Slow Get and Slow Post attacks are two types of cyber attacks that operate by gradually sending a large number of GET or POST requests to a targeted server, which can overload the server and slow down or even crash the website. In this article, we’ll explore the mechanics of these attacks, the risks they pose, and strategies for preventing and mitigating these threats.
What are Slow Get and Slow Post Attacks?
Slow Get and Slow Post attacks are types of DoS attacks that aim to overload a server by gradually sending large amounts of GET or POST requests to the targeted website. Slow Get attacks send GET requests to the server, while Slow Post attacks send POST requests.
In a Slow Get attack, the attacker sends GET requests to the server at a very slow pace, which can exhaust the server’s resources over time. Slow Post attacks work similarly, but instead of sending slow GET requests, the attacker sends slow POST requests to the server.
What are the Risks of Slow Get and Slow Post Attacks?
Slow Get and Slow Post attacks pose a significant risk to businesses and individuals, as they can cause websites to slow down or crash, leading to lost revenue, reputational damage, and decreased user engagement. Additionally, these attacks can be difficult to detect, as they often involve low-level activity over an extended period of time.
There are several types of slow attacks, including:
Slow Read attack: This type of attack is a low and slow type of Denial of Service (DoS) attack where the attacker sends a large number of HTTP requests to a server and keeps them open for as long as possible. This causes the server to keep resources tied up and unable to serve other clients.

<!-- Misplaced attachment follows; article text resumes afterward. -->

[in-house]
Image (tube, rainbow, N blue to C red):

Tools used for Slowloris attacks include SlowHTTPTest, OWASP Slowloris HTTP DoS Tool, and R.U.D.Y (R U Dead Yet?) DoS Tool.
To mitigate Slowloris attacks, the following steps can be taken:
Limit the number of connections that can be opened by an IP address.
Set timeouts for HTTP connections to prevent them from staying open indefinitely.
Implement a Web Application Firewall (WAF) to detect and block Slowloris attacks.
Slow POST attack: This type of attack is similar to the Slowloris attack, but instead of sending HTTP requests, it sends large HTTP POST requests to the server. This causes the server to allocate resources to process the request, which can eventually cause it to crash.
Tools used for Slow POST attacks include OWASP’s SlowHTTPTest, HTTPDOS, and PyLoris.
How Can Organizations Protect Against Slow Get and Slow Post Attacks?
To protect against Slow Get and Slow Post attacks, organizations can take proactive measures such as:
Implementing rate-limiting measures on their web servers to limit the number of requests that can be sent by any given IP address.
Deploying a Web Application Firewall (WAF) to filter out malicious traffic and block suspicious requests.
Monitoring server performance and usage levels to identify unusual spikes in traffic or activity.
Keeping software and systems up to date with the latest security patches and updates to mitigate the risk of known vulnerabilities being exploited.
Conducting regular security audits and penetration testing to identify potential weaknesses in web applications and networks.
Slow Get and Slow Post attacks are a growing threat to organizations and individuals, as they can cause significant disruption and damage to websites and online services. By implementing a proactive and layered approach to cybersecurity, organizations can protect themselves against these threats and mitigate the risks posed by Slow Get and Slow Post attacks.